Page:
Rock-paper-scissors (or paper-scissors-stone, depending on where you're from) is one of those wonderful games that's exactly as complex and psychological as you make it. You can try to understand your opponent, their thought process, what sort of person they are, and guess what they're going to put out — or you can just go with trusty, trusty rock.
However, new research has shown that we might be subconsciously mimicking our opponents, leading to an inordinate number of draws. What these researchrs found is that when both players were blindfolded, you saw the expected number of ties - 33.3% exactly. But blindfold just one of the players? Then it jumps up to 36.3%.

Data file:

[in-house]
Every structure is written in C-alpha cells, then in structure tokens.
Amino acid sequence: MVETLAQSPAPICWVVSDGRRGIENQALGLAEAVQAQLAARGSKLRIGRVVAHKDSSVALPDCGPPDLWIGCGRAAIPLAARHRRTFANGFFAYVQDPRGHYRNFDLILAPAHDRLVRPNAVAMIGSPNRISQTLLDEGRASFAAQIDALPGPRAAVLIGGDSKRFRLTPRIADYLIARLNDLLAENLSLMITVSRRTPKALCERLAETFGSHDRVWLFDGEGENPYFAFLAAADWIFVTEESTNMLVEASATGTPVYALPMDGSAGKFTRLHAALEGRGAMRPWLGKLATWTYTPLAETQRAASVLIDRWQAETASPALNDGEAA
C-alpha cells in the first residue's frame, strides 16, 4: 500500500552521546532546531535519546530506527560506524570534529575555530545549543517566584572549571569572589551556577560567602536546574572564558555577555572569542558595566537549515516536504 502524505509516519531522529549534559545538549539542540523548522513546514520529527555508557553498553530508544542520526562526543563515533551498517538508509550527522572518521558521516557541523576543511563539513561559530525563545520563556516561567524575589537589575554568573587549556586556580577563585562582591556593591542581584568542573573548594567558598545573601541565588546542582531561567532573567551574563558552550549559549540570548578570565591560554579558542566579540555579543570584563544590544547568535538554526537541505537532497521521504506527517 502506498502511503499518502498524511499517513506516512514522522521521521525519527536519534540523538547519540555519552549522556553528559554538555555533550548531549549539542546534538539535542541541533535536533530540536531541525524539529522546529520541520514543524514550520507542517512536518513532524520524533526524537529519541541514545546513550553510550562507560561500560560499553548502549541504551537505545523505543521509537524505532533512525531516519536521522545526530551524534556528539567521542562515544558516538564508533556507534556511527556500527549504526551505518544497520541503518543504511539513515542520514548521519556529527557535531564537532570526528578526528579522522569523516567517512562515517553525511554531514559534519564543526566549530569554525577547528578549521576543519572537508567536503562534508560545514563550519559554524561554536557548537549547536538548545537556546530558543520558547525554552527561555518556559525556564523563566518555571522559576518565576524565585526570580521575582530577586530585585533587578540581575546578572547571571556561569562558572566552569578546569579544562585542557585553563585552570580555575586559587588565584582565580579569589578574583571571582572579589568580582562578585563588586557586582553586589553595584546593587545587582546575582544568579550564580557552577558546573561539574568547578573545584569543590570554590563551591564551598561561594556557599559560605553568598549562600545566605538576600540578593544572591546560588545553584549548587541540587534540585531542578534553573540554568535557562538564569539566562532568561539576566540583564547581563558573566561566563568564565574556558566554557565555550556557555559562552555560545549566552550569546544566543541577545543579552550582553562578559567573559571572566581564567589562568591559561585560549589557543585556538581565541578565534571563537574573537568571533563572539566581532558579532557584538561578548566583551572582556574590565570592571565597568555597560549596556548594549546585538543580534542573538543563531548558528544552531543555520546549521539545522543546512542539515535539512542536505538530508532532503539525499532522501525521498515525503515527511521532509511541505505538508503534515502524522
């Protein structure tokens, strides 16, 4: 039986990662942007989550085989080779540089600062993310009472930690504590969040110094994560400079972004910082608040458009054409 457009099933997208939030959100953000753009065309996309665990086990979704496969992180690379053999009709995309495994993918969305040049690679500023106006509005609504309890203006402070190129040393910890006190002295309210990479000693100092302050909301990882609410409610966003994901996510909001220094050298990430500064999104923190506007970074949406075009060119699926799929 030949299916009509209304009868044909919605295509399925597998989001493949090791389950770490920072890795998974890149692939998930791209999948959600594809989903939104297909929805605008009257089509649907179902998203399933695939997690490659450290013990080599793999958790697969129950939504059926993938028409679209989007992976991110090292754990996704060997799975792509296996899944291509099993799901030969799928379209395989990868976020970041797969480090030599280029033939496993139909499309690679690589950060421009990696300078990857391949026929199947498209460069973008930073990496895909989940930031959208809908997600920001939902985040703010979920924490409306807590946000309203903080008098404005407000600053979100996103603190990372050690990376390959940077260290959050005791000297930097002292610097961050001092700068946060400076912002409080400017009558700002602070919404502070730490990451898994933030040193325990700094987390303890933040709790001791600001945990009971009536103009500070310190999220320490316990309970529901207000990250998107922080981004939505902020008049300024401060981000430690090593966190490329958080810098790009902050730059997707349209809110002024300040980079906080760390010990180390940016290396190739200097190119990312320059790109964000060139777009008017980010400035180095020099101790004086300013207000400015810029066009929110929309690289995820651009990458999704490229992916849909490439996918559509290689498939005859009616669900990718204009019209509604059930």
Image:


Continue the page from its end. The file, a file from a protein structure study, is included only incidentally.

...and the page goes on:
The researchers think that this is due to that tiny, fraction of a second disparity between when the two players make their move. When your opponent goes first, you subconsciously mirror their actions — too fast to think about, but enough to make a slight difference in the statistics of victory.
The other crucial fact we learned from this paper? Scissors was the most popular play (34.4%), followed by paper (33.3%) and rock (32.4%).